As for everything else? I thought it ranged from strange (mushy carrots and coconut) to mediocre (saigon tartine) to good (cured amberjack). Nothing wowed me. And this is okay, I thought, because it speaks to the concept of the restaurant: testing the kitchen. Jordan Kahn and crew were experimenting, developing, tweaking.

But if the kitchen was testing, don’t they want to know the score? Throughout the meal the service was spotty (forgotten drink orders, slow in between courses and then two at once, runners who dropped off food without describing it), so I’m not surprised we were not asked how we enjoyed the dishes as they came and went.

The boys bought dinner,  and as we were heading up the stairs I said, “You guys saw they add gratuity, right?” I was the only one who had noticed the “18% service charge will be added to all checks” declaration at the bottom of the menu. They caught the manager just as he had closed out the checks. Waiting to hail a cab out front, we all agreed the server should have said something, as should the manager who would have noticed the extraordinarily large tips.

We hopped in the cab, headed back east, and rhapsodized over …the cocktails. Which we had a lot of time to do: the cab driver unwittingly took Franklin through Hollywood. On a Saturday night? Are you kidding me? He really should have asked us our feedback on the route.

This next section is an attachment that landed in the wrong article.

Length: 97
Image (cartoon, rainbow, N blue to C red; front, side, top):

My tweet the next day sums up my take on the food (and cab ride).

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Writing on the wall

(An occasional series featuring favorite wine and booze Facebook wall posts. This one from a dear and witty friend who is a buyer at a standout East Coast wine and liquor store.)

New Favorite @ the store: Willie Nelson’s 86 Proof Old Whiskey RiverStraight Bourbon Whiskey, from Nelson County, Kentucky, comes hot, new and cheap with a guitar pick. Next week, oooh I can’t wait, I can’t stand it…Whipped Cream Flavored (French) Vodka!!! Follies Bergeres meets [store outpost]. The Roller Derby chicks are washing their petticoats in it before they imbibe the nectar. Nymphs.

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Wines of Note: When Raccoons Attack!

Sadly the kiddie pool We so enjoyed during the last LA heatwave has succumbed to the raucous ways of the critters of the Hollywood Hills. Let’s hope they enjoyed it as much as We did. Before my backyard was flooded with a gazillion gallons of water (upside: I didn’t have to water for a couple of days), We did enjoy another couple of bottles of Albariño while floating around in it. (We had so much fun with the Paco in the Pool post, We thought it worthy of a repeat.)